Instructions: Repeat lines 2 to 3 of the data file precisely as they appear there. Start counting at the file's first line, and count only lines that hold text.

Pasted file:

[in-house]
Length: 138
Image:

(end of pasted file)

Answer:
Length: 138
Image: